For months, my garden shed has been blocked by a wheelbarrow full of stuff.

It started as a wheelbarrow full of daffodil bulbs. As usual for this very wet year, I’d been rained off the task while lifting my bulbs. So I threw them into a wheelbarrow and quickly lugged that into the garden shed to keep them safe. That was back in February

As time went on, I never went back to the daffodils. Instead I just kept working around them: throwing things on top and around it as I went and worked on other things.

So as I began the task, the garden shed looked like this:

The pile of stuff that blocks access to my garden shed.
Looking beyond the pile of stuff to a disorganised area of tools

As we marched into the third week of May, I knew if I wanted my spring daffodils, I needed to put them back into the soil. So I found an hour before another big dump of rain and planted most of them before the storm rolled in.

Which is to say, keeping the daffodil bulbs dry and safe was no longer a concern. And this week I got on with sorting out the rest of the mess.

Shuffle it

For the most part, the shed isn’t too bad once you get past the mess at the door. I run through once a year or so and do this task. The main thing I needed to do was pull everything I’d piled near the door out, and re-stack it where it actually lives.

That doesn’t mean I was totally happy with where everything lived, however, and my simple clean and tidy turned into a full-on build for a few days.

The tools have never really had a proper place to live. There were buckets for the smaller tools, and a ‘general area’ for bigger tools. But no obvious system, and usually if you want something, a bit of hunting is involved.

If I’m honest, 90% of the time I’m good at putting the tools back properly. But 10% of the time, I’m lazy. Or it started raining on me and I’m just in a panic to put it all away. Then as I have already discussed, I don’t go back to fix it again later. It’s like that until I get mad at it and decide a tidy is in order.

So I had an idea to perhaps make things a bit easier this time. Maybe keep it tidier for longer. Maybe.

Tool rack

Richard’s new boss has been holding on to interesting pallets for me. I’m less interested in standard pallets – they’re usually pretty flimsy these days, and too short most of the time. But long pallets, or pallets with good strong wood? I will take those home any day.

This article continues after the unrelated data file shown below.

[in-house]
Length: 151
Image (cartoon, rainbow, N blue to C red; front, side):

He’d been nice enough to save me a big long pallet. Long pieces of wood that would stretch for say, the entire length of the garden shed wall.

Tool rack seen from the doorway.

I came up with a design, then built the thing using wood from a pallet. It took three days and I took absolutely no photos of the construction. There are three holding racks for large tools and it works well enough in the end. I’d do things differently if I were to do it again, but we have this now.

Our screw and nail selection is starting to get a bit low, so I did have to spend $30 on the fasteners. And then I found a packet of mixed hooks at The Warehouse for $11, which worked perfectly for the hand tools on a piece of plywood.

The second rack I built for hand tools.

For a construction cost of $41, I’m pretty happy with the results.

Buckets and stuff

I found 8 empty buckets by the end of this job. 8 buckets are going to be handy to have around the place.

Empty buckets I found during the process.

I have room to move around. There’s space to store a wheelbarrow away from the rain when I’m not working.

The pots that had accumulated in buckets are back in the pot storage area. The sprayers have all been emptied, cleaned, and tested.

Looking into the main area of the shed, which looks much tidier.
Close up of the hand tool rack

The brushes are together, the fertilisers are together, the poisons are together (the shed itself is a lockable safe storage, in case you’re wondering about that).

I can find what I need, when I need it. And it’s lovely.